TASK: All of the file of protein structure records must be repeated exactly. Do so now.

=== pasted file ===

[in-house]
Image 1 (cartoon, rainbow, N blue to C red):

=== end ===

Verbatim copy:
[in-house]
Image 1 (cartoon, rainbow, N blue to C red):